A library catalogue is a registry of some type of collection that a particular library possesses or shares with a group of libraries. Card catalogues were originally how a library stored information about its collections. Small cards were filled out with a book's pertinent information, such as title, author, year of publication, publisher, Dewey Decimal and ISBN numbers, and these cards were then housed in drawer-filled cabinets that were accessible to library patrons. With very few exceptions, library catalogues are now fully automated and the same type of information that was formerly available in small drawers is much more easily accessed on a computer terminal.
OPACs (Online Public Access Catalogs) were the result when libraries made the switch to automation. Not only do OPACs enable more current and accurate content maintenance but accessing a library's holdings is now far more swift and efficient no matter which of the many types of available library catalogues you wish to access. Prior to automation, libraries would have to maintain multiple manual catalogues, such as author catalogues, subject catalogues and title catalogues, which are the types of information most commonly searched at public and academic libraries. With the advent of OPACs, a library customer can customize his search with the simple click of a mouse.
Perhaps you are researching your family's history or you are an art historian investigating the origins of an obscure painting. Maybe you are interested in learning more about sociology, political life in the twentieth century or the life cycle of a grasshopper. Do you need an historical photograph to complete a report? There is a library catalogue available to help you find the relevant information you are seeking. The Library of Congress is a vast repository of information and is a gateway to a multitude of special-collection catalogues.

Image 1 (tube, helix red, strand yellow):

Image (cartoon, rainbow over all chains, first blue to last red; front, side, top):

Legal research differs greatly from the type of research conducted at a public or academic library. Those in the field of law may have to investigate previous law cases or statutes that are relevant to a case they are building. Law-related library catalogues offer the user many ways to search, including by type of law, legal jurisdiction and citations.
Medical researchers may want to delve into articles on clinical trials for a medication or for protocol used by other medical professionals in dealing with a rare malady. Along with those in the legal field, medical researchers have the ability to conduct highly detailed searches using library catalogues designed specifically for providing the meticulous information they need to help their patients.